Creating Properties for your Classes

 

This tutorial is part of an ongoing lesson. The first part is here: Create your own Classes in VB .NET


In the previous sections, you have learned how to create a Class in VB .NET. You also learned how to create your own Methods. In this part, you'll learn how to create your own properties.

 

Creating your own Properties in VB .NET Classes

You can add your own Properties to your Class. A Property, remember, is something that changes or sets a value. Examples are, setting the Text in a textbox, changing the background colour of a Form, and setting a Button to be Enabled.

You can Get values from a Property or Set them. So for a Textbox, you can Set the text to appear in the textbox, or you can Get what text is inside of the textbox. You use these same words, Get and Set, when you're creating your own Properties. An example might clear things up. Before you do the following, download the image you will need for this tutorial:

Download the image for these tutorials (WinZip file)

Once you have the images on your hard drive, do the following:

  • Add a Picture Box control to your Form
  • Set the SizeMode Property of the Picture box to StretchImage
  • Click on the Image Property, and add the planet.jpg image that you downloaded above
  • Add two textboxes to the form. Change the Name of the first one to txtHeight, and the second one to txtWidth. Enter 300 as a the text for both textboxes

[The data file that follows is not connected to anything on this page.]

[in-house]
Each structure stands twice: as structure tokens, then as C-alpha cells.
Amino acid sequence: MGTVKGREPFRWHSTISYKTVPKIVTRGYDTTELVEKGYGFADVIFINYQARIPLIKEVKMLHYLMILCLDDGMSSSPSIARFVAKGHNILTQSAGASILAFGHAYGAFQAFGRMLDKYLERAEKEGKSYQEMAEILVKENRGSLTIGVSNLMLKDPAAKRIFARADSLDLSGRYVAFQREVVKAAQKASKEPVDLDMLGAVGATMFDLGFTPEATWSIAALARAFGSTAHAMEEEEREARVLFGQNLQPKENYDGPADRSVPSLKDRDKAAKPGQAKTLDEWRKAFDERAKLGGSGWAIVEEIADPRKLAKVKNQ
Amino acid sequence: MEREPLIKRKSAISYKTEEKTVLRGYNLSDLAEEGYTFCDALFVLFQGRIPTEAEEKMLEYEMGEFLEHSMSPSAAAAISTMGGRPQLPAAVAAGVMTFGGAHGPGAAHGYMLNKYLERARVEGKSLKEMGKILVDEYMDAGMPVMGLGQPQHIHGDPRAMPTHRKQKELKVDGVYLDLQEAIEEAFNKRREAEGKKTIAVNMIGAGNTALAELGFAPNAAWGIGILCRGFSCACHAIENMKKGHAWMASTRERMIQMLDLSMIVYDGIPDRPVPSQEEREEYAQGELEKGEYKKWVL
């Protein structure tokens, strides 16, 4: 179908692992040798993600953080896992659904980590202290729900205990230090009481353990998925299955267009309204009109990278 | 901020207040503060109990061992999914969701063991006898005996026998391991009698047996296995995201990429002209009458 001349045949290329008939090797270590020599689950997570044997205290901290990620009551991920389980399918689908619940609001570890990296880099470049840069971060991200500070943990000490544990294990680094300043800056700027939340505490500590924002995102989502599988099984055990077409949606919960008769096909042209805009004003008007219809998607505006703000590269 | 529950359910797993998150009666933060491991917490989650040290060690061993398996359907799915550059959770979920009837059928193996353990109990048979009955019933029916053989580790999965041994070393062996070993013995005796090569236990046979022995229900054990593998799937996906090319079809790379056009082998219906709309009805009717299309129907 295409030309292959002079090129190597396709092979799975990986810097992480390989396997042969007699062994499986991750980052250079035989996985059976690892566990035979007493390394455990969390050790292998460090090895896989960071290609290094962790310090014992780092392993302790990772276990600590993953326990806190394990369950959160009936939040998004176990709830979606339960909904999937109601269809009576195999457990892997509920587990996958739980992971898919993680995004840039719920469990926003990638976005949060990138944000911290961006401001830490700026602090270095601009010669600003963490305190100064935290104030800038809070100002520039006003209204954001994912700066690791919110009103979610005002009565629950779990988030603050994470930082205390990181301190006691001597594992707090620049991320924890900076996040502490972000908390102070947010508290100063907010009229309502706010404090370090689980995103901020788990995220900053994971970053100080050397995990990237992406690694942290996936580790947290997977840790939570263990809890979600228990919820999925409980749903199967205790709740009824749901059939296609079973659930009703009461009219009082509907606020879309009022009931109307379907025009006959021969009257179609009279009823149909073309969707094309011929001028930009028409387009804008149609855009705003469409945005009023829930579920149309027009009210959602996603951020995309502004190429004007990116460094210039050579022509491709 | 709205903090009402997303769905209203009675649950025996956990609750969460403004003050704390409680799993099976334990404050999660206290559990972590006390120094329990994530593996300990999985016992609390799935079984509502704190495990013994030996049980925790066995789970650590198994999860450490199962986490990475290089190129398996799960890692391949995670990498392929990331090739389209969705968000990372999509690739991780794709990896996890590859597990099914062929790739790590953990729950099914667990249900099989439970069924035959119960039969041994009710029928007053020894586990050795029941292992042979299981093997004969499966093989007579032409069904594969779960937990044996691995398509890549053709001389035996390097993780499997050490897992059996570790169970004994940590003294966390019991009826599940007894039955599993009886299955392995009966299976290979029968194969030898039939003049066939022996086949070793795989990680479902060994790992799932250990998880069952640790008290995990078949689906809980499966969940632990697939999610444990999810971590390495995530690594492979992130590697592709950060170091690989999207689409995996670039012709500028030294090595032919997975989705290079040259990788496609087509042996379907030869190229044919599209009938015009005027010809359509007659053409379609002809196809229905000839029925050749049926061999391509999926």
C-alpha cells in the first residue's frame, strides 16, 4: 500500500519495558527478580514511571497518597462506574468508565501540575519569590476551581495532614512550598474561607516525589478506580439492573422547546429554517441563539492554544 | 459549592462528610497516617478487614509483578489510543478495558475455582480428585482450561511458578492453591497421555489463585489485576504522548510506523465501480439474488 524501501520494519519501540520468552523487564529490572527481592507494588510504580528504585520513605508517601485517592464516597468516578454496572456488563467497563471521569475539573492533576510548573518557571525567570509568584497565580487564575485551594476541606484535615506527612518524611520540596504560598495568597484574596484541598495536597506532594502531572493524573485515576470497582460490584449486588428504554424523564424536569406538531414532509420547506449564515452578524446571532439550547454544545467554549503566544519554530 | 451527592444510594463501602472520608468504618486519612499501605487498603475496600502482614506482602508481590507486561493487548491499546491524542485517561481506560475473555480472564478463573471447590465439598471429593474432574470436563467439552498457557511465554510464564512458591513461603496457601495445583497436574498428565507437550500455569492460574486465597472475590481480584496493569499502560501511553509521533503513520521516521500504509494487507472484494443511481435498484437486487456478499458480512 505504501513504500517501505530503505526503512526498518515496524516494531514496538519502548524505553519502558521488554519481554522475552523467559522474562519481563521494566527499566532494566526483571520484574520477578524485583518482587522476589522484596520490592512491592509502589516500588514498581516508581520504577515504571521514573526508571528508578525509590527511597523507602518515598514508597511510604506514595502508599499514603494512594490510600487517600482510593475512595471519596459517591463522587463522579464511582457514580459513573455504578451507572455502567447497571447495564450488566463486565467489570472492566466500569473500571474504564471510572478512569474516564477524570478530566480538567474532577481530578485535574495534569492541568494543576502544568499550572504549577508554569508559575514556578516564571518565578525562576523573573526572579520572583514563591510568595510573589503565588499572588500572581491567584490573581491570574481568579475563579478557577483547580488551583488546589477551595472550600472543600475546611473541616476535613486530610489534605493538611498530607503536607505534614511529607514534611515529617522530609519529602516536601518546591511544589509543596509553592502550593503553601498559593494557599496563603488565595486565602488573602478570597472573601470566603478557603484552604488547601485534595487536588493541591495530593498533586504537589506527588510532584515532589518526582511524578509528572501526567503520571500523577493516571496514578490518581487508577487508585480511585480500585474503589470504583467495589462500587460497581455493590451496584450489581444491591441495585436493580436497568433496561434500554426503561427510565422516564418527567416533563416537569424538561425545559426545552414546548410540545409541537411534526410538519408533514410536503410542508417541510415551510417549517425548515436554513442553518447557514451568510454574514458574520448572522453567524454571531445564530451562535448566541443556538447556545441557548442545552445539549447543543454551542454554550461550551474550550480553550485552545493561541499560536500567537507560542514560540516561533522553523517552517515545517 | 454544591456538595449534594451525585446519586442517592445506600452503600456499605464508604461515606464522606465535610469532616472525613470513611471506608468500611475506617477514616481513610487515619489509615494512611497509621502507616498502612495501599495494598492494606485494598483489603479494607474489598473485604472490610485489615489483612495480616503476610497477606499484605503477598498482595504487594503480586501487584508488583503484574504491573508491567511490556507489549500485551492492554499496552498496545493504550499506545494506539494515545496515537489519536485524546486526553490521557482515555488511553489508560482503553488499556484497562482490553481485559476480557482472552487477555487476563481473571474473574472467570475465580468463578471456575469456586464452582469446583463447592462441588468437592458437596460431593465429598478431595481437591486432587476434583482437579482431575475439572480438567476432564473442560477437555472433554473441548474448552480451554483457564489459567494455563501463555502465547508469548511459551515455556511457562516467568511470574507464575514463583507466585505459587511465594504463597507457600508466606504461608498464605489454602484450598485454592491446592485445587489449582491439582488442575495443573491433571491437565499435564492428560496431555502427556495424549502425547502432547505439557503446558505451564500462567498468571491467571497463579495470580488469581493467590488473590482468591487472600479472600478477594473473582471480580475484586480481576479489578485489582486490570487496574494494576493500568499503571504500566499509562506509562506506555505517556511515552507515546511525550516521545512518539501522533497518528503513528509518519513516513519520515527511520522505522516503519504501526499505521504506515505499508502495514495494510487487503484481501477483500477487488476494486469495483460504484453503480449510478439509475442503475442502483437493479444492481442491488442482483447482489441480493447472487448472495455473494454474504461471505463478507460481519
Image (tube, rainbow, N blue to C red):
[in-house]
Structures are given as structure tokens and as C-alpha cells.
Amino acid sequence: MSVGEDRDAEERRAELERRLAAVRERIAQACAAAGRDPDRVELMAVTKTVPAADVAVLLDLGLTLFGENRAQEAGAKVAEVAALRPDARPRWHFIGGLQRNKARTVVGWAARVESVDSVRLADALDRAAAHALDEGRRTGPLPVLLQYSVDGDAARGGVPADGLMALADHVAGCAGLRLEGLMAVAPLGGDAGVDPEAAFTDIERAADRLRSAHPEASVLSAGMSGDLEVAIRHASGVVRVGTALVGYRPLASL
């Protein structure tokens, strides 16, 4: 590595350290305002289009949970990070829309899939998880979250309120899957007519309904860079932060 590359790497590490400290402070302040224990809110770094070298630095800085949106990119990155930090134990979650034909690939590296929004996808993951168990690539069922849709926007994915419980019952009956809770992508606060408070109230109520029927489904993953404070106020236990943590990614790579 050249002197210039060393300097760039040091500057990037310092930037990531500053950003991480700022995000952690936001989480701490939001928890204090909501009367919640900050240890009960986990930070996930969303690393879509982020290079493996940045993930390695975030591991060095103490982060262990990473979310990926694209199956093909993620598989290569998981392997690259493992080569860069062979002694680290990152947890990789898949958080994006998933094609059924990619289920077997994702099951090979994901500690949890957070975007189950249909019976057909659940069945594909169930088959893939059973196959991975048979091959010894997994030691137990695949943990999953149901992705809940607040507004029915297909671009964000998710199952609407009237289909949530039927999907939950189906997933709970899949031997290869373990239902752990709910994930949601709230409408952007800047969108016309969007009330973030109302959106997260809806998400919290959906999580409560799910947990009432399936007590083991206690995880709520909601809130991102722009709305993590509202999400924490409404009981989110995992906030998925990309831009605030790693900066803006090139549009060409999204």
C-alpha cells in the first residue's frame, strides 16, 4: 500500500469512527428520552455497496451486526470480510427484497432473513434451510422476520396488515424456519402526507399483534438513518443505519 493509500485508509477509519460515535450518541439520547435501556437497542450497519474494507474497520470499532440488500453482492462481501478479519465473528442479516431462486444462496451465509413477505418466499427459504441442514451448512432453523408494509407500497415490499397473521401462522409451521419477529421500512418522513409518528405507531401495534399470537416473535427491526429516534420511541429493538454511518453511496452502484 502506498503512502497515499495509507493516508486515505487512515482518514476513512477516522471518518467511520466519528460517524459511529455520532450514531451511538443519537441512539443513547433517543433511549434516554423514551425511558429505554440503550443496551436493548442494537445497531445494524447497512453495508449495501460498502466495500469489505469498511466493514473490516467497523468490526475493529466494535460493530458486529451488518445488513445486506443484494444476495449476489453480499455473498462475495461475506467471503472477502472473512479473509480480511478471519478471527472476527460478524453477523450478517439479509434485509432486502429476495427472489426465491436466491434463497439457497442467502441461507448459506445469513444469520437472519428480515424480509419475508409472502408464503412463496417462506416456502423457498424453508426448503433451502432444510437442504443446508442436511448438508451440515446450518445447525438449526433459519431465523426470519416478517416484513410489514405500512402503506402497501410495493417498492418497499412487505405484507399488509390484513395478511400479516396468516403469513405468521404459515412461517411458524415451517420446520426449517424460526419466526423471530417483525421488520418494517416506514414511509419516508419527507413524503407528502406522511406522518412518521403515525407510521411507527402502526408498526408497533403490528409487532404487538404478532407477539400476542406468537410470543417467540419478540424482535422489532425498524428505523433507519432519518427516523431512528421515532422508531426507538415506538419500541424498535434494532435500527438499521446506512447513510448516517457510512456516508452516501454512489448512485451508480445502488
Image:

• Add two labels to the form. Set the Text of the first one to Height, and the second one to Width. Move them next to the textboxes
  • Add a new button to your form. Set the Text property to “Change Height and Width”

What we’ll do is to give our object the capability of setting a Height and Width property. When the object has done its work, the height and width of the picture box will change to the values from the textboxes. Off we go then.

VB needs to know that you want to set up a Property for your Class. The way you do this is type "Public Property … End Property".

Access the code for your Class. Type a few lines of space between the End Sub of your DoMessageBox Method, and the line that reads "End Class". On a new line, type the following:

Public Property ChangeHeight() As Integer

ChangeHeight is the name of our property, and it's something we made up ourselves. After a pair of round brackets, you add the type of value that will be returned (Just like a function). Here, we want to return an Integer value.

When you press the return key after typing that line, VB finishes off the rest of the code stub for you: (Though VB might not finish the the rest of the code until you type Get and then hit Return.)

Public Property ChangeHeight() As Integer

Get

End Get

Set( Value As Integer)

End Set

End Property

(You may well have an underline under "End Get". You'll see how to solve this soon.)

Before the code is explained, add a new variable right at the top of your code, just below "Public Class changeHeightWidth". Add this:

Private intHeight As Integer

The Private word means that only code inside of the Class can see this variable. You can't access this code directly from a button on a Form, for example.